ONR sale concerns resource companies
Georgia Pacific and Detour Gold say they rely on stable freight service
Companies who move their products by rail say they are watching the Ontario Northland divestment closely.
The Ontario Northland Railway hauls freight for a number of industrial operations in communities along Highway 11.
The future of what is now the ONR is doubly important for the town of Englehart.
The railway is a major employer, as is Georgia Pacific — a company that uses the ONR to ship oriented strand board from its Englehart plant.
"We've engaged in conversations with the Ontario Ministry of Northern Development and Mines," said Georgia Pacific spokesperson Eric Abercrombie.
"We have expressed to them that any change in the ownership of the Northland Railroad would need to continue providing ... consistent reliable service level."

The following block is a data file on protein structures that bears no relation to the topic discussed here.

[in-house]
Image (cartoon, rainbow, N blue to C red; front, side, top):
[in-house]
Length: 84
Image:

The Atlanta-based company has had "a great relationship with the Ontario Northland Railroad," Abercrombie said, adding that the Englehart plant "depends on quality rail service that is ... safe, reliable and competitive so we [can] continue delivering products to our customers."
Ensuring the 'rail system doesn't fail'
Further north along the highway, Detour Gold is also keeping an eye on the future of the railroad.
After years of construction, Detour is about to start producing gold at its mine north of Cochrane.
CEO Gerald Panneton said it plans to expand its use of the railroad.
"We have a good relation with Northland," he said.
"Hopefully we will be able to make sure that the rail system doesn't fail in the future."
The province has said it's confident someone from the private sector will purchase and operate the ONR.
Currently it's focusing on selling Ontera, the communications arm of Ontario Northland, before moving on to the sale of the rail division.